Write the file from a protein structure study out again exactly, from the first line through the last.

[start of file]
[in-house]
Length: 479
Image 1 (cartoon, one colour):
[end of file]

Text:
[in-house]
Length: 479
Image 1 (cartoon, one colour):